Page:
【港・集落】 長崎



A small fishing village secluded by harbours, Nagasaki enjoyed little historical significance until contact with European explorers in 1543—among them, possibly, Fernão Mendes Pinto—when a Portuguese ship landed nearby in Tanegashima. Soon after, Portuguese ships started sailing to Japan as regular trade freighters, thus increasing the contact and trade relations between Japan and the rest of the world, and particularly with mainland China, with whom Japan had previously severed its commercial and political ties, mainly due to a number of incidents involving Wokou piracy in the South China Sea, with the Portuguese now serving as intermediaries between the two Asian countries. Despite the mutual advantages derived from these trading contacts, which would soon be acknowledged by all parts involved, the lack of a proper seaport in Kyūshū for the purpose of harboring foreign ships posed a major problem for both merchants and the Kyushu daimyo (feudal lords) who expected to collect great advantages from these trade intercourse with the Portuguese. In the meantime, Navarrese Jesuit missionary St. Francis Xavier arrived in Kagoshima, South Kyūshū, in 1549, and soon initiated a thorough campaign of evangelization throughout Japan, but left for China in 1551 and died soon afterwards. His followers who remained behind converted a number of daimyo. The most notable among them was Ōmura Sumitada, who derived great profit from his conversion to the "Kirishitan" religion through an accompanying deal to receive a portion of the trade from Portuguese ships. In 1569, Ōmura gave permit for the establishment of a port with the purpose of harboring Portuguese ships in Nagasaki, which was finally set in 1571, under the supervision of the Jesuit missionary Gaspar Vilela and Portuguese Captain-Major Tristão Vaz de Veiga, with Ōmura's personal assistance.

The little harbor village quickly grew into a diverse port city, and Portuguese products imported through Nagasaki (such as tobacco, bread, textiles and a Portuguese sponge-cake called castellas) were assimilated into popular Japanese culture. Tempura derived from a popular Portuguese recipe originally known as peixinho-da-horta, and takes its name from the Portuguese word, 'tempero' another example of the enduring effects of this cultural exchange. The Portuguese also brought with them many goods from China.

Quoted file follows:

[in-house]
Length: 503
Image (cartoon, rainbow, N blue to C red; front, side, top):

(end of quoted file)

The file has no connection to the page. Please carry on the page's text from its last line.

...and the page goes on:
Due to the instability during the Sengoku period, Sumitada and Jesuit leader Alexandro Valignano conceived a plan to pass administrative control over to the Society of Jesus rather than see the Catholic city taken over by a non-Catholic daimyo. Thus, for a brief period after 1580, the city of Nagasaki was a Jesuit colony, under their administrative and military control. It became a refuge for Christians escaping maltreatment in other regions of Japan.
In 1587, however, Toyotomi Hideyoshi's campaign to unify the country arrived in Kyūshū. Concerned with the large Christian influence in southern Japan, as well as the active and what was perceived as the arrogant role the Jesuits were playing in the Japanese political arena, Hideyoshi ordered the expulsion of all missionaries, and placed the city under his direct control. However, the expulsion order went largely unenforced, and the fact remained that most of Nagasaki's population remained openly practicing Catholic.
In 1596, the Spanish ship San Felipe was wrecked off the coast of Shikoku, and Hideyoshi learned from its pilot that the Spanish Franciscans were the vanguard of an Iberian invasion of Japan. In response, Hideyoshi ordered the crucifixions of twenty-six Catholics in Nagasaki on February 5 of that year (i.e. the "Twenty-six Martyrs of Japan"). Portuguese traders were not ostracized, however, and so the city continued to thrive.

In 1602, Augustinian missionaries also arrived in Japan, and when Tokugawa Ieyasu took power in 1603, Catholicism was still tolerated. Many Catholic daimyo had been critical allies at the Battle of Sekigahara, and the Tokugawa position was not strong enough to move against them. Once Osaka Castle had been taken and Toyotomi Hideyoshi's offspring killed, though, the Tokugawa dominance was assured. In addition, the Dutch and English presence allowed trade without religious strings attached. Thus, in 1614, Catholicism was officially banned and all missionaries ordered to leave. Most Catholic daimyo apostatized, and forced their subjects to do so, although a few would not renounce the religion and left the country for Macau, Luzon and Japantowns in Southeast Asia. A brutal campaign of persecution followed, with thousands of converts across Kyūshū and other parts of Japan killed, tortured, or forced to renounce their religion.